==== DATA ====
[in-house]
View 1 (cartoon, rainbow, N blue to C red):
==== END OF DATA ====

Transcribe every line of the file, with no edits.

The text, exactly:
[in-house]
View 1 (cartoon, rainbow, N blue to C red):